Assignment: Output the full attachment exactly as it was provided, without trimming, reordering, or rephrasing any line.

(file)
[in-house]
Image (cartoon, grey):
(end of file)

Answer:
[in-house]
Image (cartoon, grey):